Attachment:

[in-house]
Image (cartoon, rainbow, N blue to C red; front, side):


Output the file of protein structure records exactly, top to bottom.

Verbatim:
[in-house]
Image (cartoon, rainbow, N blue to C red; front, side):